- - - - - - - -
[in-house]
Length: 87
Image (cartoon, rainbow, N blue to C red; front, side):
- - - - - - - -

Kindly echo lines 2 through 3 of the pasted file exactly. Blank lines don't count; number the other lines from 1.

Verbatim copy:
Length: 87
Image (cartoon, rainbow, N blue to C red; front, side):